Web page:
Capital Airlines Flight 20
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A Vickers Viscount similar to the one which crashed.
|Date||January 18, 1960|
|Summary||Engine failure, loss of control|
|Site||Holdcroft, near Charles City, Virginia|
|Aircraft type||Vickers 745D Viscount|
Capital Airlines Flight 20 was a U.S. scheduled passenger flight from Washington, D.C. to Norfolk, Virginia. A Vickers Viscount flying the route crashed into a farm in Charles City County, Virginia, on January 18, 1960. The accident was the third fatal crash involving a Capital Viscount in as many years; the first two were Capital Airlines Flight 75 and Capital Airlines Flight 67.
The plane was cruising at an altitude of 8,000 feet when it encountered icing. This caused two engines to fail. As the craft descended, the other two engines also failed, causing the propellers to autofeather. The crew tried and failed to restart the engines, and were unable to unfeather the propellers normally; they then put the plane into a dive in an attempt to force the propellers from their feathered position. Eventually they succeeded in restarting engine number four. They applied full power to this engine, which caused the craft to enter a circling descent until crashing into trees; at the time of impact it had almost no forward velocity. Five trees were driven through the fuselage, yet their trunks remained intact.
The plane burned for hours after the crash, the police said at the time. They also indicated that they had not been able to approach it to make an effort at recovering bodies. In addition, treacherous underfooting made the use of firefighting equipment almost impossible.Heavy fog had closed many airports throughout eastern Virginia and had blanketed the area when the plane bearing 44 passengers and a crew of four came down on swampland near Sandy Gut, a tributary of the Chickahominy River about 30 miles southeast of Richmond. The plane was flying from Chicago to Norfolk - where the airport was open - by way of Washington. It had left Washington at 9:40 p.m. and crashed at 11 p.m. Capital Airlines in Washington identified the jet-prop aircraft's crew as Capt. James B. Fornasero, pilot; Philip Henry Cullom, first officer; and two hostesses, Diane Margaret O'Donnell and Brigitte Friede Helene Jordt.— New York Times, Jan. 19, 1960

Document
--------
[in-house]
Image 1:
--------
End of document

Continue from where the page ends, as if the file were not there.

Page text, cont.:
The crash was attributed to the fact that, as per airline policy, the pilots had delayed arming the engine ice protection systems even though they were flying in icy conditions; this caused the engines to lose too much power. Capital Airlines changed its emergency checklist after the crash, deleting the instruction that pilots were to descend to a warmer climate to relight the systems and instructing them that, provided that correct procedure was followed, the engine could be restarted at any height.
Several decades after the crash, the owners of the farm report finding personal items from time to time.
- Accident description at the Aviation Safety Network
- Memories of the crash (scroll down to comments at bottom of page)
- Civil Aeronautic Board Accident Report